State to engage forest guards

GOVERNMENT says it will this year engage forest guards in an effort to safeguard forests across the country.
Ministry of Lands, Natural Resources and Environmental Protection permanent secretary Barnaby Mulenga said in an interview here yesterday that the removal of forest guards about 15 years ago created a huge gap in the protection and management of forests.
Mr Mulenga said Government attaches importance to the protection of forests because they are critical in mitigating the effects of climate change.
“We had a lapse when we got rid of forest guards in the year 2000 because it was after the forest guards went that we had a lot of our forests invaded by squatters,” he said.
Mr Mulenga said Government is initially targeting at least 10 forest guards and hopes to increase the number in future.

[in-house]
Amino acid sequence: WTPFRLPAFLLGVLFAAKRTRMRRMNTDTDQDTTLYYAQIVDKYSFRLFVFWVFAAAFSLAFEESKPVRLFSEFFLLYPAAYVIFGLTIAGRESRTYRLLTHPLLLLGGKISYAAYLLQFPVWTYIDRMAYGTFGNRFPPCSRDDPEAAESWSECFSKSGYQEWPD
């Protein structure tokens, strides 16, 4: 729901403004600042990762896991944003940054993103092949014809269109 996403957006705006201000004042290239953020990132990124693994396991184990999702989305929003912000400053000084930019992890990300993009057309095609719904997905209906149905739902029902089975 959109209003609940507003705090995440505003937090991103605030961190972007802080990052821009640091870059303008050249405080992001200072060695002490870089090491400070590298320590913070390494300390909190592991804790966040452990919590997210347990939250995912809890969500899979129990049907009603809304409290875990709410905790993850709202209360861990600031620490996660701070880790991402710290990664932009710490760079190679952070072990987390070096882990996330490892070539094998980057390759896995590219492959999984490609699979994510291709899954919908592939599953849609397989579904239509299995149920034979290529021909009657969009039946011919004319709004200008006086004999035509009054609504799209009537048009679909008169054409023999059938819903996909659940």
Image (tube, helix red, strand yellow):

He said the forest guards are expected to work effectively once the Forest Bill is enacted into law because it has a provision for community foresting.
This entails that the guards will work hand in hand with the communities around the forests in policing the reserves.
The rampant charcoal burning around the country is also as a result of the absence of forest guards.
Mr Mulenga said there is need to strike a balance between the need to preserve forests and the quest for development.
He said some forests had been de-gazetted in the past to allow for the development of infrastructure in view of the rising population.
And Mr Mulenga said Government is currently undertaking a land policy review process to address issues of access to land.
He said Government’s position on illegal land allocation is clear, prompting the creation of a task force to deal with the challenge.

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